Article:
Closer at the Lyric Theatre
Note: The following review of Closer is from the play's run at the Royal National Theatre. The current cast at the Lyric features Kate Ashfield, Imogen Stubbs, Lloyd Owen and Tom Mannion.
In every long-term relationship, the tables turn over time - he loves more this year, she more the next. Maintaining some degree of balance, steering through the waxing and waning of interest is par for the course. In Patrick Marber s Closer, however, the relationship tables flip with such frequency as to give the sturdiest lover motion sickness. No one seems interested in sticking to the course at all.
Amongst the quadrangle of stars, we have every heterosexual combination of couplings available and quadruple doses of heartache. Alice (Liza Walker) loves Dan (Mark Strong), Dan loves Alice but then decides he loves Anna (Sally Dexter) who loves Larry (Neil Dudgeon) but falls for Dan and spurns Larry who turns to Alice and... well, you get the idea.
At first glance, the inclination is to blame the feckless men. Certainly, the female characters do. “They (men) love the way we make them feel but not us,” rues Anna. Serial woo-er Dan appears most guilty of this. He thrills to the chase, knows all the right words but his actions are fairly empty. According to who you believe, he's either perpetually bored or disappointed by love. Either way, he seems destined to avoid it.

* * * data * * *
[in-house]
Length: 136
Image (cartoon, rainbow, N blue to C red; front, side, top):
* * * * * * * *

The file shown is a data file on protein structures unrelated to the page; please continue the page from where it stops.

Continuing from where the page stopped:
But he's not alone. It soon becomes obvious the men are not the only self-centred creatures. Both women are more than prepared to inflict pain when their own chance of happiness is at risk. The consequent merry-go-round is a sad statement on modern relationships. Nothing, least of all marriage, is forever.
All four players deliver highly-charged performances - Walker, who makes her stage debut, is especially effective as the stripper who's got more than her broken heart to hide. Unfortunately, all are so adept at playing both victim and perpetrator, as the script requires, that by the end, we feel little sympathy for any of them.
Amidst raw heartbreak and remorse, Closer is peppered with some effective black humour - which, unsurprisingly, takes firmest root in the frank discussions of sex. It also features what must be one of the first major stage scenes of an Internet chat - a stark warning for parents worried about online porn.
Vicki Mortimer s dark, memorial-plaque-backed set extends the melancholy mood. And every minor detail seems to speak volumes. During the frequent scene changes of the second act, for instance, the discarded props gather back of stage like the excess baggage each character carries with them into their new romantic ventures.
Everything in this production pays heed to Larry's credo that “Love will kill us.” Played by these rules, it certainly will.
Terri Paddock, November 1997